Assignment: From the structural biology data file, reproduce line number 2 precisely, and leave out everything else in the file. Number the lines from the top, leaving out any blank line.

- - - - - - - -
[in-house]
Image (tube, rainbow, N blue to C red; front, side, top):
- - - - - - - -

Image (tube, rainbow, N blue to C red; front, side, top):